Robert Costa's behind-the-scenes look at how John Boehner and Eric Cantor pulled House Republicans back from a costly and self-destructive government shutdown presents itself as a narrative of something in Washington finally going right. But it's really a detailed look at how insane the internal dynamics of House Republicans have become.
Costa identifies two strategies Boehner and Cantor employed: One was patient, delicate diplomacy with the GOP's right flank. The other was reckless, ridiculous promises they'll never be able to deliver on. Both come with huge costs.
Time is a precious — and scarce — resource. That's particularly true for someone in Boehner or Cantor's position. There's a reason all these people actually pay someone to serve as "scheduler." And in recent months, Boehner and Cantor's schedulers had to schedule a lot of time for their bosses to talk their colleagues back from the abyss.
"Due to the fragility of the bonds holding the House GOP together," Costa writes, Boehner and Cantor "labored behind the scenes, pouring cold water in careful measure on their colleagues’ boiling brinksmanship."
So that's cost number one: Time.
But time wasn't enough. Like a kid who won't go to sleep until he's convinced the monsters under his bed can't get him because there's a friendly dragon living in his closet, House Republicans demanded a series of ridiculous — and, in some cases, dangerous — promises from Boehner and Cantor.
"A key date in the leadership’s nearly month-long effort was Wednesday, July 31," Costa reports. That's when Boehner went before House Republicans and argued that trying to defund Obamacare by shutting down the government wouldn't work. But he had an idea that might:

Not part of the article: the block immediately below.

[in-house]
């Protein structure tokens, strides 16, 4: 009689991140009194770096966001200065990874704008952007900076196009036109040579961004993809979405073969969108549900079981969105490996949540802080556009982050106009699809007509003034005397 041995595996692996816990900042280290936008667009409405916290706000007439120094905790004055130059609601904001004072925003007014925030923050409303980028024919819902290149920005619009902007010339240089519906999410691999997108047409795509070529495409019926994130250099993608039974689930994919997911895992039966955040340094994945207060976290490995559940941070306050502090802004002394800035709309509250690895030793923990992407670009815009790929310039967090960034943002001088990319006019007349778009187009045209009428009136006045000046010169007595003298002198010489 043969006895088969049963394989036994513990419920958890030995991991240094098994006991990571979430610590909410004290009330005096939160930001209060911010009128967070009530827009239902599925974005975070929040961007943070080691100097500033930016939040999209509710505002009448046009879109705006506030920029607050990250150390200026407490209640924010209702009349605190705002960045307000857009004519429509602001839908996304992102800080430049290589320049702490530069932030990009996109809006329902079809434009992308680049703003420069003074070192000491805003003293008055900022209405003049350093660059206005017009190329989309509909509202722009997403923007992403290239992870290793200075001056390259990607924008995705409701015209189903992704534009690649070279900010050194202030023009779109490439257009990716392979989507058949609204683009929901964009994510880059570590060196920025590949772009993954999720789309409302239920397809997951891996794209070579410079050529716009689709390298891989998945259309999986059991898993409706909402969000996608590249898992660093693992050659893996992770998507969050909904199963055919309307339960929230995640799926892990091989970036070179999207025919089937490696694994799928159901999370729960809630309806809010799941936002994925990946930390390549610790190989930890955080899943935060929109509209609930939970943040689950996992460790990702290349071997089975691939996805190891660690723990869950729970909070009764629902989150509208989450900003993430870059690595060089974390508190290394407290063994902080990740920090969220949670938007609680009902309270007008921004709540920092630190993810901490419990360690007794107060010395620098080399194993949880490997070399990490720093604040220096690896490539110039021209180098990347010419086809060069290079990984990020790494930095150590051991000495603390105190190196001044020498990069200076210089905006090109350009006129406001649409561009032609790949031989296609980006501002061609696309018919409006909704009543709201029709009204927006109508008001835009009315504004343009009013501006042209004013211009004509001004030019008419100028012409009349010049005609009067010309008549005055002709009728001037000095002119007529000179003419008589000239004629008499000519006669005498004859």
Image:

He pulled the focus away from the tactic of using shutdown as leverage for defunding the law and argued instead for “well-placed, targeted strikes that will ultimately dissolve the Obamacare coalition,” such as the recent votes to delay the employer mandate and the individual mandate, both of which won scattered support from House Democrats. “We’ll have to stick together and communicate,” he said. “But this strategy is achievable. And it’s our best shot at actually getting rid of Obamacare.”
It might be the House GOP's best shot for actually getting rid of Obamacare. But it has no shot of actually getting rid of Obamacare. It's a bedtime story. A way for House Republicans to feel like they're doing something at a time when there's really nothing they can do. The fact that Boehner can't simply level with his members about what is and isn't possible isn't comforting.
But that's his problem. The country's problem is where the politics of this lead. After all, come September, the government will actually need to be funded. Boehner's "targeted strikes" will have failed. And Obamacare will be about to begin open enrollment. Since Boehner can't just tell House Republicans that their party needs to let go of the whole stop-Obamacare thing until they win a few more elections, what will he tell them?
Apparently, he's going to tell them to try using the debt ceiling:
Sources tell me the House GOP will probably avoid using a shutdown as leverage and instead use the debt limit and sequester fights as areas for potential legislative trades. Negotiations over increasing the debt limit have frequently been used to wring concessions out of the administration, so there may be movement in that direction: Delay Obamacare in exchange for an increased debt limit.
Trading a government shutdown for a debt-ceiling breach is like trading the flu for septic shock. And Boehner knows it. Republicans will effectively be going to the White House and saying, "Delay the health-care law or we will single-handedly cause an unprecedented and unnecessary global financial crisis that everyone will clearly and correctly blame on us, destroying our party for years to come."
It's not a very persuasive ransom note to send. And Boehner knows it. It's just something he's saying to talk his party down from this tree. But come October, when they climb up into that higher, more dangerous, tree, he's going to have to think of some new crazy promise to entice them down. Then, three months later, that promise will come back to bite him — and the rest of us. And eventually, someone's going to make a mistake, and Boehner won't manage to pull his people back from the brink at the last minute.
This is not a safe way to govern the country.